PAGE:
VII. Decline


“Thanks to the Interstate Highway System, it is now possible to travel coast to coast without seeing anything.”

Charles Kuralt, On the Road with Charles Kuralt, 1985

Several factors contributed to the decline of Route 66 and other highways like it. The rise of the Interstate Highway System, commissioned by President Dwight D. Eisenhower in 1956, led to the bypassing of Main Streets from coast to coast and the so-called Main Street of America was no exception. The scenic route was passed over, replaced by the Interstate and all the simplicity that it had to offer: no congestion, no delays, just smooth roads without interruption. The smaller routes could not stand up to the bigger-better-faster mentality that went along with new roads such as Interstate 40.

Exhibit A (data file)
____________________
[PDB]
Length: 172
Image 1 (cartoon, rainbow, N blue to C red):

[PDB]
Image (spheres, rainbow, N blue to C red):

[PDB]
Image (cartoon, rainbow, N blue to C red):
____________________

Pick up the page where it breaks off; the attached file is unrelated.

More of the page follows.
Perhaps the greatest downfall of Route 66 was its popularity. The road led through the centers of small towns not designed to absorb the traffic volume and attendant delays, much of it due to the publicity from television, literature, and song. For those people who lived and worked in these small communities, such delays were a burden, and the introduction of interstates that circumvented their towns may have seemed like a blessing, as they diverted the unnecessary traffic from the center of town. However, as Interstate 40 replaced Route 66, it also brought with it the end of many small businesses that had prospered thanks to the tourism the famous road brought to seldom-visited places. For many towns, the largest pull they had for tourists was the fact that Route 66 passed through it.

Today, many of the businesses along 66 have closed, and many more are struggling to survive. Like the early 20th century guidebooks, contemporary maps advertise only those locations deemed most significant (and which have paid for the advertisement). Billboards and large, striking signs help to promote businesses, many of which have incorporated the number 66 into their names in hopes of benefitting from the wide-spread name recognition attributed to Route 66.